Meet the teacher: Susan Little
Written by Isabelle O'Carroll on Fri 21st Apr 2017
We spoke to Susan Little, head of Key Stage 2 at Wiggonby Primary School in Cumbria. We asked her all about teaching, her experience with Explorify and the impact it had on her class.
Can you tell us about your school and your teaching career?
I have been teaching for 37 years at Wiggonby, a small rural school. I teach a mixed-aged class of 29 children, Years 3-6 but only the children in Years 5 and 6 were involved in the pilot.
Your biggest challenge in the classroom is getting activities to work across age ranges. Can you tell us about that?
Differentiation is important. You have to do a lot of planning for a mixed-aged class of varying abilities. However, I’m an experienced teacher and I get to know my pupils very well – they’re in my class for four years.
I often use mixed-aged groups for activities in science and non-core subjects so that the older children can mentor the younger pupils. Some children will need extra prompts, support and encouragement; I have to consider alternative approaches and teaching techniques to overcome difficulties and challenge the more able.
What was it like for you being on the initial pilot where the activities were tested?
The experience – being part of something big and special – was very exciting. I’m glad I told my class it was a pilot, because they felt very important. They were telling the other children, took it very seriously and concentrated a little bit harder I think.
How did it change your approach as a teacher?
I became more focused, more tuned in to looking at my pupils’ thinking. I’ve continued to use a variety of the Explorify techniques, as they were very effective in developing thinking skills. This progress was obvious in a few short weeks. I now encourage and coach my pupils with their thinking skills in most lessons.
What was the children’s experience with Explorify?
The children felt they had been given an important task and so acted responsibly, tackling each activity seriously. They realised that the experience had developed their high-level thinking and were all very proud of themselves – and I was proud of them all too! Because there was always more than one answer, I also got more children giving feedback, because it wasn’t just right or wrong. That helped the shyer children.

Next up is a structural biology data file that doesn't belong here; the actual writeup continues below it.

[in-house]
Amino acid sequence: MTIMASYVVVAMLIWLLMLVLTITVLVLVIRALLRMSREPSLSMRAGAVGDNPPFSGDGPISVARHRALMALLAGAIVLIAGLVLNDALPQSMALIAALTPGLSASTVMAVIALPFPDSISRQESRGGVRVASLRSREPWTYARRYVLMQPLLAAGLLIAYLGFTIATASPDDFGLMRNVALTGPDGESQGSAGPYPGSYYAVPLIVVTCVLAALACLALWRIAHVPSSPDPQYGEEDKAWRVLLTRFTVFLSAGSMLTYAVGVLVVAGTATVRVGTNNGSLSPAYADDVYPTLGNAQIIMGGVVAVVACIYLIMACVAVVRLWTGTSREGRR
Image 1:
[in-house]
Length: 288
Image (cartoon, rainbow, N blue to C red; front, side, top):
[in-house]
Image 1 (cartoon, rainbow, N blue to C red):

However, I’m going to revisit where they had to plan something – such as an experiment – as I think they needed a bit more time to develop their skills to do that. They weren’t actually questioning things enough or thinking how they could set up an experiment to prove or disprove something. When I’m preparing my science or other lessons, I will bear this in mind.
How did they change their approach as pupils?
The children were very aware of their developing thinking skills. If someone came up with a really good justification or a good point, I would say: “That’s good thinking skills, your skills are getting higher.” And then they were shoulders back, realising that this is what it was all about. It was about encouragement.
Even the less able, they were putting comments in, even if it was a difficult idea. There was that encouragement to join in. It was about teaching them that if you challenge something, it’s not being rude, it’s saying “Have you thought about this point?” They began to express and justify their opinions and challenge others in a very sensible, thoughtful way.
They also realised that it was better when they shared their ideas. That definitely helped some of the shyer children who don’t say much in a larger group – they came into their own in the smaller groups; it worked at their level.
How often did you do the activities?
Not every day, but at least once a week. The activities weren’t too long and so were easily built into the school day.
Have you signed up for the next programme? Will you?
I’m very keen to be involved in the next programme. Children need opportunities to work in groups with high-quality discussion and to clarify their ideas.
Why do you think developing better thinking is so important?
Because it’s necessary to develop our ability to take in information, make links and come up with new ideas and solutions. If we don’t equip children with the skills to understand, appreciate, transfer or connect ideas, we’re failing them.
What was your favourite activity?
It’s hard to choose, because I was pleasantly surprised with the children’s responses in all the activities. However, the building activity ‘Mission Survive’ was probably the children’s favourite – there were a lot of emotional responses. They got very attached to their stick creatures! There was good feedback from parents too.
But really, I couldn’t fault any of the activities, they were great!
What’s your advice for other teachers embarking on using Explorify?
I think you need to run it on a regular basis. If it’s only once a week and you say, “We’ll come back to this,” it will lose momentum. And be prepared for an activity to not always take 15 minutes. If it’s going well, you perhaps need to let it run a little bit longer.
Explorify is also quite a good assessment guide. You could do it as an assessment at the end of a unit, because you can see the knowledge coming out of the children, or at the beginning, to see what they know.
Why would you recommend it?
Good thinking requires regular practice so it can develop over time, and Explorify is great for doing lots of investigating and experiments while developing quality thinking skills. The activities capture children’s curiosity – they want to be involved and discover more for themselves.
Who would you recommend it to?
Everyone – teachers who are experienced as well as newly qualified teachers, teaching assistants and students.